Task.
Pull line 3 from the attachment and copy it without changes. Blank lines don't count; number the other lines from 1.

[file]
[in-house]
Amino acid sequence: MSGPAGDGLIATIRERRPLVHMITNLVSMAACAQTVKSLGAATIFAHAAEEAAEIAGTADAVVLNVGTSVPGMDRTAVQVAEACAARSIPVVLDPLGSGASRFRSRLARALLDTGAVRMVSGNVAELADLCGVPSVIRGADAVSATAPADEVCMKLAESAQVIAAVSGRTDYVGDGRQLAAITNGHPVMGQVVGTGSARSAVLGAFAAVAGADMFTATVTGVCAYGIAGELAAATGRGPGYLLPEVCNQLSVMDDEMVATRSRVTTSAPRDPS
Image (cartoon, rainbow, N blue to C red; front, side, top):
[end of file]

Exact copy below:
Image (cartoon, rainbow, N blue to C red; front, side, top):